There is a new spark in smartphone innovation these days revolving around the camera. After their hardware war smartphone manufacturers shifted their area of concern from processor, RAM, and internal storage to smartphone camera.
Starting with Nokia’s PureView which was a totally different level, we have seen a lot more flagships come out with DSLR like features. Background defocus is one of the hot new feature evolving in smartphone cameras this year. Sony, LG, Samsung, HTC and the obvious Nokia which is now Microsoft Mobile have their high ends running software quirks to result in images which alike Lytro first maintstream light-field camera can be refocused after capture.
Lytro works on a completely different technology compared to these smartphone cameras. Generally all cameras capture images with light intensities at given point. Lytro on the other hand also captures the direction of light along with the intensities which allows it to generate images with different things in focus using the matrix of microlenses over its sensor. Getting this currently on any smartphone is not feasible due to space limitations and obviously the cost. But fortunately the high processing chipsets that power the smartphones can do some intensive processing producing desired DSLR like Bokeh effects.
Following the most common approach, the smartphone captures HDR images with different exposures at different focus points and later combine those longer and shorter exposure images using computational photography to result in an interactive image with areas of the photo being out of focus. This is actually done by the camera app and is a slow process since it takes time to perform processing on a hardware level. This too have some limitations and they always will remain because it is not the best way to obtain what we want. HTC providing dual camera have tried to reduce the time taken but it has its own limitations like this can’t be done in low-light etc.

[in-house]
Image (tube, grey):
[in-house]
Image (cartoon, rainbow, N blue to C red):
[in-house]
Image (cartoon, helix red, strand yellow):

Getting all this done by a software means we could achieve on other smartphones as well, in fact any android as we are talking about the Android flagships of the year. This was actually been made available using third party applications from a time when this was not much in talks and what we all were concerned about was the hardware. There have been some new applications released recently and updates to the existing camera apps which brings this feature for any Android smartphone.
Recently launched in April 2014, Google revamps the camera interface adding a brand new lens blur feature. Selecting the lens blur mode, the app asks you to click a picture and slowly move the smartphone upwards in order to capture different focus points with different exposure values. The app is absolutely free to download but currently is only available for Android 4.4 KitKat which is a bummer since only 8.5 percent of Androids are presently running the latest version.
The popular third party app which is available in free with limited features and complete Pro version which is available for $1.99. It allows you to select the area which needs to be defocused and then apply various filters if you want. Easy to use and works on Android 2.0+
Same as AfterFocus, with less features and lot less popularity. It allows users to select the focus area which can be a circular region, rectangular region or can be selective focus and there you get your result. The app is completely free to download and works on Android 2.2+.
Camera ZOOM FX
The ultimate camera app which has been recommended by a lot of editors. It is one of the best alternative to stock camera app which expands the option to capture more detailed shots and apply effects directly without looking for any other app to do so. The bokeh effect can be applied on a captured click. It is available for $2.99 from the Google Play Store and works with Android 1.6+.
Everyone’s favourite Instagram which is not just an image editing application but also is a social community of smartphone photographers. Instagram as we know has sufficient filters but apart from that it can defocus the selective areas from the captured image. Free to download and works on Android 2.2+.
So those were some of the apps that can help you with an artificial bokeh effect on your images. Which app of the above is your favorite? Let us know in the section below.